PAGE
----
Minimum wage measure would bulldoze construction firms


This article is part of series of op-eds from Crosscut, highlighting the dueling perspectives on election ballot measures.

In the construction industry, we make it a habit to consider new ideas. If someone has an idea for doing something better, it’s worth spending time to listen.

We have taken the time to consider Initiative 1433, a proposal to mandate a one-size-fits-all employer-paid sick leave benefit across the state, as well as make increases to the state minimum wage. In our judgment, the initiative is a poorly designed idea that would make things worse, not better, and we’re urging voters to say 'no' to I-1433.

The construction industry is a big part of the state’s economy. And we know that, while our industry is unique, there are businesses all across the state that share our concerns about the effects of this initiative. Its passage would be detrimental to many of them.

Every employer values having healthy workers on the job. The distinct circumstances that exist in different industries demand customized ways of affording workers the time to get well or care for sick loved ones.

I-1433 threatens to upend the construction industry’s practices in favor of a blunt force, one-size-fits-all approach. Unfortunately, this poorly crafted proposal does not accommodate for the project-based, transitory and seasonal aspects of the construction industry, and it will needlessly raise the cost of construction.

According to the Washington State Department of Employment Security, total construction employment in 2015 was 232,470, with a total payroll of $13.6 billion, for an average daily wage of $225. If every construction employee used the maximum 13 days of sick leave allowed in the initiative, the total potential cost would be $680 million. This cost would fall to taxpayers who pay for public construction projects, and to the renters and customers of business who build private projects.

This huge cost would arguably be worth it if weren’t so unnecessary. It has been the historic practice in construction to not include sick leave as a paid time off benefit. In recognition of the fact that field work is intermittent, commercial construction employers and labor have for decades agreed on high hour wages, high benefits in lieu of paid sick leave. Unions have never bargained to secure paid sick leave.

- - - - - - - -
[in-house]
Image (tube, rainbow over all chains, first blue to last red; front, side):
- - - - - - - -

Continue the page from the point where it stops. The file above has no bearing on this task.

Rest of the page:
In those local sick leave ordinances, such as in Seattle and Tacoma, that allow a waiver of the sick leave provisions under a collective bargaining agreement, unions agreed to waive them in recognition of the fact that paid sick leave doesn’t work in construction. One of the master labor agreements includes this typical language: “The parties specifically chose to bargain higher wage rates, a time loss payment benefit, and other matters in lieu of paid time off."

And while the Seattle and Tacoma sick leave ordinances allow unions to opt out, the Spokane ordinance takes the better approach of exempting the construction industry altogether.

But Initiative 1433 does not exempt the construction industry, or provide the ability to waive its provisions via master labor agreements.

Instead, employers would be required to compensate for one hour of sick leave for every 40 hours worked. The initiative also requires employers to reinstate paid leave for employees rehired by the same employer within 12 months of job separation.

For industries like ours, these issues are disturbing fine print in I-1433, places where the shortsightedness of its drafters would create a real mess for us to try and comply with, if it should pass.

That’s because it’s nearly impossible in the construction industry to determine what constitutes “job separation” and what constitutes “reinstatement.” This is particularly difficult to determine for union contractors who obtain workers from hiring halls on an “as-needed” basis for the portion of a project that requires the skills of the workers’ particular trade.

Initiative 1433’s paid leave provisions would force significant changes in the construction industry and add costs by attempting to solve a problem that doesn’t exist.

We’re urging Washingtonians to reject I-1433’s poorly crafted, one-sizes-fits-all approach. It doesn’t work for the construction industry, and it won’t work for our state.


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